Everyone, it's time to clench and release, clench and release, clench and release with joy! Eve Ensler is back, making the world a safer place for women who feel their own power by conceiving of themselves as giant, walking, hooded sexual organs. Yay vaginas! Yay women! Yay vaginas! Or whatever.
Yes, as a story in the New York Times began yesterday, "It's the next level of the vagina franchise": Ensler's two-week New York arts festival devoted to "bringing the issue of violence against women front and center." The festival involves theatrical performances and a film festival, musical acts, community events, a brisk and empowering run through Prospect Park in Brooklyn and, as the Times reports, 10 days at Yankee Stadium during which the message "Until the Violence Stops: NYC" will flash on the stadium's jumbotron screen. The whole schedule of events is available at the V-Day Web site (where you'll no doubt want to snap up your own soft pink "Vagina Warrior" ski cap).
Ensler and her anatomically enthusiastic project are not my favorite elements of current feminism, but as usual, it's hard to fault the cause. We are all for bringing the issue of violence against women front and center. It's just that with V-Day events, that usually entails bringing Eve Ensler front and center. Check out the Web site and you'll find that the first column of "v-news" is not about violence against women but about Ensler's fight against the violence against women. (It seems there has not yet been a news story invented that cannot become about Ensler; she confesses to the Times her mind-blowing wish to hold V-Day's 10th anniversary party at the Katrina-ravaged Superdome.)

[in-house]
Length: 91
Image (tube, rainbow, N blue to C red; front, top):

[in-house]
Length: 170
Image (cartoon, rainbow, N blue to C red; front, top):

The schedule for the arts festival, which kicked off Monday night, includes what sound like interesting panel discussions about "Women and Media Responsibility" and "Women in Conflict Zones." But they're all in the shadow of the "marquee" (i.e., celebrity-larded -- because the only thing better than a vagina is a famous vagina) events, like a reading of Eve Ensler's play "Necessary Targets" by Kathy Bates, Jane Fonda and Kerry Washington. Or the screening of Ensler's movie "What I Want My Words to Do to You" (a title that, I regret to say, prompts too many punch lines from which to choose). There are Q and A's with Ensler and introductions by Ensler. She is also listed as one of the many writers to contribute to the barfy-sounding "A Memory, a Monologue, a Rant and a Prayer: Writers on Violence Against Women and Girls."
In addition to the Ensler-ific egocentrism and her organization's incessant, grating reduction of women to their inner and outer lips, it's really all the wowie-zowie hym-en-ysticism -- the memories, the monologues, the ranting, the praying, the voices lifted in vulva-loving song -- that makes Ensler events so easy to resent, even while we applaud the ideas and intent behind them.